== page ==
What does developing and providing open education mean? The vision of the Open Science programme is to encourage academics to adopt an open attitude in the research that they do and the education they provide. At Utrecht University, open education is the translation of the open science philosophy into an educational context. The most important topics of open education are outlined below:
Open attitude as education goal
- Students are the scientists/scholars and professionals of the future. Therefore, it is important that students learn what an open academic attitude is.
- We encourage UU students to act now and later in this open spirit and enable them to make considered choices in this, for example by publishing their publications open access, making their data FAIR available, using open software and involving society in their research.
- An open attitude among students prepares them for their role in which they engage in social, and sometimes polarised, dialogue, now and in the future. Open Education is working on ways to prepare students for this.
- The student's open attitude also takes shape in cooperation with partners in society. This collaboration in academic education is not only valuable for students themselves; teachers and students can also help societal partners with solving their challenges. That is why open education is also about involving people from outside in academic education
Open attitude in designing and delivering education
Developing educational resources together and reusing each other's educational resources can have many advantages, such as providing inspiration and improving quality. Utrecht University stimulates the development storage, findability and availability to others of reusable educational resources and works towards an open culture that puts the quality of educational resources first.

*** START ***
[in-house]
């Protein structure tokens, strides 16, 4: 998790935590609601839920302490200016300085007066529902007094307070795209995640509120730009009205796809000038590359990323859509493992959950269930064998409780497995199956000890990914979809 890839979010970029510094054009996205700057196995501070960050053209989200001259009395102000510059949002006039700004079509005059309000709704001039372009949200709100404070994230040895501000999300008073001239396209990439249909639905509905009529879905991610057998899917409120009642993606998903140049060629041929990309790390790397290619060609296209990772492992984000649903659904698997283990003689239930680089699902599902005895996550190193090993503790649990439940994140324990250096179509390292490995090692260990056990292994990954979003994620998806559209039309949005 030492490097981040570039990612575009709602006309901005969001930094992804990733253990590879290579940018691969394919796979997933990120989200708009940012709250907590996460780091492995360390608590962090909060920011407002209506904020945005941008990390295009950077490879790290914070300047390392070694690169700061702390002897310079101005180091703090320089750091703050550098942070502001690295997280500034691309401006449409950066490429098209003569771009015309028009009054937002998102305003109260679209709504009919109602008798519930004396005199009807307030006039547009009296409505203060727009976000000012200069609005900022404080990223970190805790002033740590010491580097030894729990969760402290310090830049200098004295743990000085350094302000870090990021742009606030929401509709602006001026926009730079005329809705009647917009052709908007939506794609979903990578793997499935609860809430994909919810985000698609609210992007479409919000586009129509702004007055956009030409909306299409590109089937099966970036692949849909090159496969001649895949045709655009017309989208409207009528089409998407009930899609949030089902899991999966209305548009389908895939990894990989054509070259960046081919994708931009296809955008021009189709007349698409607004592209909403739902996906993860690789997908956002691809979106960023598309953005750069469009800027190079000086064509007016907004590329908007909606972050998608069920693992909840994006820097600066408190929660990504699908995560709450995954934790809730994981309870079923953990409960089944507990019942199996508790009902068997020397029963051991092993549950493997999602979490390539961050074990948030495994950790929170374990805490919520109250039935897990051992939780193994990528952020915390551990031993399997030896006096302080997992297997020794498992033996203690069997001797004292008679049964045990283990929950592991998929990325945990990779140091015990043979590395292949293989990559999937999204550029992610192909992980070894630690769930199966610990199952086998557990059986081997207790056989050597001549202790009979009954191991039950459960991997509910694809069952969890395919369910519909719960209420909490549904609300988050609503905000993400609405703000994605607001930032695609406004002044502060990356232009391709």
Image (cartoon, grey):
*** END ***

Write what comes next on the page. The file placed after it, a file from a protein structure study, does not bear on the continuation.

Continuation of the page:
- Open education is also about removing barriers to participating in university education, such as: finance, language, and the accessibility of locations. These barriers can be reduced by using new forms of education such as Small Private Online Courses (SPOCs), Massive Open Online Courses (MOOCs) or cooperation between international partners
Recognition and rewards in education
The way academics and university staff are recognised and rewarded is key to the behavioural change towards open science. Recognising and rewarding teaching as equal to research is one of the university's major challenges today and essential for making the change towards open science and education.
Many aspects of Open Education already have a place (implicitly) within the numerous educational innovation initiatives at UU (e.g. community engaged learning , interdisciplinary education , and Education for Professionals ). Open Education collaborates closely with them to together further develop the UU vision for Open Education and to put it into practice. Utrecht is also contributing to national developments in the field of open education, for example within the Versnellingsplan and the national association of universities: Universities of The Netherlands .
Additionally, the Open Education teams ensures acceleration on three specific themes that fit particularly well with the Open Education vision and for which there are no ongoing projects or programmes yet:
- Integral vision on educational innovation
- Open Educational Resources
- Training the new generation of Open Science academics and professionals
Want to know more? Then read the Plan of Action Open Education:
- Dr. Marjanneke Vijge (Faculty Geosciences)
- Dr. Gisela van der Velden (Faculty Geosciences)
- Drs. Frans van Dam (Faculty of Science)
- Dr. Jeroen Janssen (Faculty of Social and Behavioural Sciences)
- Dr. Brianne Mc Gonigle (Faculty of Law, Economics and Governance)
- Dr. Pim Huijen (Faculty of Humanities)
- Dr. Sigrid Merx (Faculty of Humanities)
- Drs. Jeroen Bosman (The University Corporate Offices)
- Dr. Gerko Vink (Faculty of Social and Behavioural Sciences)
- Dr. Gil Cavalcanti (Faculty of Sciences)
- Maura Burke, MSc. (Faculty of Sciences)
- Prof. dr. Tine Beneker (Faculty of Geosciences)
- Dr. Rients Galema (Faculty of law, Economics and Governance)
- Dr. Christel Lutz (University College Utrecht)
- Dr. ir. Marc van Mil (Faculty of Medicine)
- Dr. Christianne Smit (Faculty of Humanities)
- Dr. Vivian Goerlich (Faculty of Veterinary Medicine)
- Prof. dr. Maarten van der Smagt (Faculty of Social and Behavioural Sciences)